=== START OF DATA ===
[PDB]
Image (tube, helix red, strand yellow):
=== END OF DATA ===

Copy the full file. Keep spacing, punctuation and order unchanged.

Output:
[PDB]
Image (tube, helix red, strand yellow):